Book explores ‘scandalous’ topic
QUICKSBURG — Nationally recognized educator and scholar Philip Bigler has expanded a mere footnote of American history in his new book, “Scandalous Son: The Elusive Search for Dolley Madison’s Son, John Payne Todd.”
Named National Teacher of the Year in 1998, Bigler brings attention to the “dark side of the American Dream” through the story of James Madison’s stepson. “Scandalous Son” is Bigler’s 10th book and was released Sunday, the anniversary of Madison’s death more than 200 years ago.
While at James Madison University, Bigler was director of the now-closed James Madison Center for nine years. There he taught classes on the eponymous fourth president in depth and made Madison’s writings more accessible to students.
Bigler began writing “Scandalous Son” in 2010 while still at JMU, originally planning it as project of the center but turning it into his retirement project. Bigler had noted the lack of information on Todd, whom historians tend to ignore.
“It’s amazing to me because you’re basically reducing a human being’s life to a sentence or two in a book,” he said. “And I said, ‘this is a much bigger story than that.'”
While he said accusations of Todd being an alcoholic and opportunist are not without merit, his story is exemplary of an age-old trend that continues today.
Bigler coins that trend as the “dark side of the American Dream:” while one generation rises from rags to riches, their children tear that legacy down with indulgent self-destruction borne of their inherited namesake.
According to Bigler, this trend plagued other prominent American families such as the Adamses and the Jeffersons. Todd used his lineage in a big way, at one point cavorting royally about in Russia flaunting his name and flouting his responsibilities as peace commissioner.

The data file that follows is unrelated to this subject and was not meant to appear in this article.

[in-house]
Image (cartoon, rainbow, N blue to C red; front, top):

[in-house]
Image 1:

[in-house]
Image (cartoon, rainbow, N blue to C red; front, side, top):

“He’s a very refined character in terms of his manners … has very good taste in art and can use his charm to sway a lot of people,” Bigler said.
Todd’s alcoholism spelled his decline and destruction after various patchwork struggles to tame his vices. He died in 1852 and is buried in the infrequently visited Congressional Cemetery in Washington, D.C., beneath a small chipped marker in the ground.
Searching and sifting through details about Todd’s life was “elusive” for Bigler in that Todd would disappear for long intervals and wrote sparse letters. Bigler said a true, extensive biography on the man would’ve been impossible.
“He’s hard to pin down,” Bigler said.
Todd’s memorandum dating from 1844 to 1848 was an invaluable resource for Bigler when writing “Scandalous Son,” alongside two volumes of Madison letters from James Madison’s retirement years.
Bigler gathered research through many visits to sites such as the Library of Congress and the Greensboro Historical Museum. Though Todd’s self-built Toddsberth estate in Orange County went to ruin during the Great Depression, Bigler visited the site to talk to the current owners and even interviewed a woman who had played in the ruins as a child.
Included in the book are frequent visual odds and ends: paintings, photographs, writings and political cartoons. Each chapter heading is written in a font created by patching together samples of Thomas Jefferson’s handwriting.
Bigler said he hopes readers will take away renewed appreciation for pre-Civil war figures and think about the life lessons exemplified in Todd’s untold story.
“I think it’s an interesting story,” he said. “And it’s designed to be read. It’s not bogged down in historical minutiae, it’s designed to be a book that people can read and enjoy.”
“Scandalous Son” is sold at Monticello and online through Apple Ridge Publishers. Bigler said he is trying to sell the book at Montpelier, the Madisons’ home.
He has no current plans for another book, needing to decompress after five years of researching and “painful” writing. He said he hopes to hold discussions and signings for the book in the near future.
Contact staff writer Rachel Mahoney at 540-465-5137 ext. 164, or email@example.com